“Best advice I ever gave President Bush or the best thing I think I did for his administration was when I came in as Chief of Staff in the early 2006, The President brought me in to help refresh the administration, give us a new sense of energy and purpose, and one of the things I did ended up having to fire a lot of people, which is never pleasant. They were good people, but I just thought they were not in the right role serving The President at that time. One of the pieces of advice I gave The President was that I thought we needed a new Treasury secretary, the then-incumbent was actually a good Treasury secretary who was nearing the end of his run. And I thought he was the wrong Treasury secretary for a financial crisis because he did not come from the world of finance, and … having spent five years at Goldman Sachs before I went to work for the president …. I had a pretty keen sense of the rhythm of financial crises. I knew that no president had ever gone a full eight years without a major financial crisis, so I correctly predicted that there would be a crisis, although I was completely wrong about what it was going to be but I don’t think you can give me credit for the prediction. What I do properly take credit for was telling the president that I think we need a financial markets [advisor].”

Josh Bolton, Andrea Mitchell and Denis McDonough

McDonough weighed in on the good, the bad and the ugly: “In the height of the fight to get trade promotion authority we were in a bad way with our Democratic colleagues. And we tried everything. There was a lot of machinations but the real question at the end of the day was something the Democrats really wanted, which was some worker assistance for people who lost their jobs because of the trade became decoupled from trade promotion authority. And for us to have any chance to get the authority to negotiate the trade deal, which we ultimately did, we needed to get that piece of action back on the trading table. And Democrats knew that that was their leverage, they were going to vote against it to kill the deal. I kept encouraging the president to try everything we could to get Democrats to do that.  The reason it was bad advice was because I believe the most underrated leader in Washington is Nancy Pelosi. She’ll tell you if she can get it and she’ll tell you if she cannot. I missed the signals that she was telling us that we weren’t gonna get this. So as a result, I pushed him way out there.”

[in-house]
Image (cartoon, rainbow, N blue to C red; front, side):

T.H. Denis McDonough

Bolten on the relationship with da boss:  “I had a seven year relationship. I knew him. I knew how he operated and I knew how he wanted his staff and administration to be. I think that’s one of the elements of success as COS. One of the predictors of success is a knowledge, a comfort and good working relationship with the boss. It’s possible to be a great COS without having that though. All of us COS acknowledge James A. Baker the 3rd as the real gold standard of COS and he did not know his boss. Both Denis and I had huge respect for our Presidents that made the job easier.”

Denis: “On familiarity with The President, this can go one or two ways: Familiarity breeds contempt and there are times when one has a contemptuous relationship with The President because there has to be someone on The President’s team that says that’a bad idea or delivers bad news. I remember very clearly delivering bad news on October 9th – days of not working. The bad news always waited up for us, but your ability to have that kind of candid relationship does breed contention. It doesn’t matter how many times you walk into the oval office it takes you back.”

Attentive audience with John Roberts

On tweeting: “Twitters are extraordinarily powerful and you can not overestimate the impact on The President. You feel you are not being understood and along comes this tool that you can use in your language to your people – it’s extraordinarily powerful. We managed it through ports like everything else we did in the White House. I don’t see this tool going back in the box.”

Insert laughter: Andrea said when referring to President Trump:  “When he said my button is bigger than yours I almost fell off the couch.”